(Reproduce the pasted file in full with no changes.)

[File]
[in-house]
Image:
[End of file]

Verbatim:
[in-house]
Image: